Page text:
Letters: The birth of Dan

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The Independent Culture
Sir: Gilbert Adair took an admirable stance in wishing to start the ball rolling in the subject of comic art ("Tintin betrayed", 23 June), but he was too abrupt in dismissing British comic artists, including "whoever it was who first dreamed up Desperate Dan".

Some might take this to mean Dudley Watkins, who drew Desperate Dan and whose comic style was in direct descent from that of Tom Browne, creator of Weary Willie and Tired Tim.

Mr Adair lauds various American comic draughtsmen but it should be remembered that, in American comics, the work on the page is not always that of the individual named in the heading, because of the widespread use of assistants. Come to that, did not Herge, of whom he thinks so highly, also use assistants?

We should celebrate comic artists from this side of the Atlantic such as Watkins, Browne, Percy Cooking, who inherited Willie and Tim from Browne and drew them for more than 50 years, Roy Wilson, who depicted rollicking animals and humans with a masterly line, and Jack B Yeats, the brother of W B, who drew for Comic Cuts before achieving fame as a painter.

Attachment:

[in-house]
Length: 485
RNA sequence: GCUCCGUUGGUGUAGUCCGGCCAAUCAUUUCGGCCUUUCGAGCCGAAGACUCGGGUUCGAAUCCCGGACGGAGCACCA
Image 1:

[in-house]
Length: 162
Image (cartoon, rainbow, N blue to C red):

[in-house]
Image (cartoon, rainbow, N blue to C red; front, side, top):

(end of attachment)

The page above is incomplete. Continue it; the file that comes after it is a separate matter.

As to "whoever it was who dreamed up Desperate Dan", the received wisdom among comic historians is that it was Albert Barnes, the founder editor of The Dandy, who had a chin which he himself described as "like a chest of drawers". He instructed Dudley Watkins to create a character with just such a chin and Dan was the result.

TONY GLYNN

Southport,

Merseyside

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